A preferred but nevertheless example embodiment of the present invention is disclosed in the context of a GSM mobile communications system which implements the Advice of Charge supplementary service using CAMEL/IN functionalities. A Service Switching Functionality (SSF) incorporated into the MSCs and GMSCs is used to detect when an Advice of Charge service should be invoked for a particular call. The Advice of Charge service is then administered under the control of a Service Control Point (SCP).
The foregoing and other objects, features, and advantages of the invention will be apparent from the following description of preferred embodiments as illustrated in the accompanying drawings in which reference characters refer to the same parts throughout the various views. The drawings are not necessarily to scale. Emphasis instead being placed upon illustrating the principles of the invention.
FIG. 1 is a function block diagram of a mobile communications system in which the present invention is incorporated;
FIG. 2 is a function block diagram showing various elements of a mobile station or terminal;
FIG. 3 is a flowchart diagram illustrating Advice of Charge procedures in accordance with a preferred example embodiment of the present invention;
FIG. 4 is a function block diagram illustrating a GSM mobile communications system in which the present invention may be implemented in accordance with a second preferred example embodiment of the present invention;
FIG. 5 is a signaling diagram illustrating example signaling procedures for implementing the Advice of Charge service in the GSM mobile communications system shown in FIG. 4 for a mobile terminating call in accordance with the second preferred example embodiment of the invention; and
FIG. 6 is a signaling diagram illustrating signaling procedures for implementing the Advice of Charge service for a mobile originated call in the second preferred example embodiment of the present invention.
In the following description, for purposes of explanation and not limitation, specific details are set forth, such as particular embodiments, data flows, signaling implementations, interfaces, techniques, etc. in order to provide a thorough understanding of the present invention. However, it will be apparent to one skilled in the art that the present invention may be practiced in other embodiments that depart from these specific details. For example, while the present invention is sometimes described in the context of an example cellular telephone network using GSM and CAMEL terminology, those skilled in the art will appreciate that the present invention can be implemented in any cellular telephone system using a variety of methods for implementing supplemental mobile services. In other instances, detailed descriptions of well-known methods, interfaces, devices, and signaling techniques are omitted so as not to obscure the description of the present invention with unnecessary detail.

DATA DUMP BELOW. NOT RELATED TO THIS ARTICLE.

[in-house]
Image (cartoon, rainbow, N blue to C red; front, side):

An example mobile communications system 10 in which the present invention may be employed in a first example embodiment of the present invention is now described in conjunction with FIG. 1. A central control point 11 is coupled to multiple Mobile Switching Centers (MSCs) 14. These MSCs 14 may be provided in different mobile communication networks operated by different network operators. Each mobile switching center 14 is connected to a plurality of Base Stations (BSs) 16. Radio communications are effected between the base station and various Mobile Stations (MSs) 18 which include portable radios as well as mobile radios mounted in vehicles. Each mobile station subscribes to a home mobile network but is generally permitted to roam outside of its home network to visiting mobile networks. The mobile switching center at which a mobile station is currently registered is referred to as the serving mobile switching center (serving MSC).
The central control point 11 includes a data processor 13 as well as charging and traffic analysis software and database 12. The charging analysis software includes program instructions, and the database stores tariff information utilized by the data processor 13 to determine one or more Advice of Charge parameters related to the cost associated with a particular call involving a mobile station (assuming that the owner/user of the mobile station subscribes to an Advice of Charge service).
FIG. 2 illustrates some of the well-known elements of an example mobile station 18 including data processing circuitry 20, a microphone 22, a speaker 24, a keypad 26, radio circuitry 28, and a display 30. Processing circuitry 20 calculates a prospective cost of service for a call involved in the mobile station and preferably also calculates an accumulated call cost during the call based on one or more Advice of Charge service parameters communicated to the mobile station. The cost of service and/or accumulated cost are displayed on the display 30 or indicated in any suitable format to apprise the mobile operator of these costs.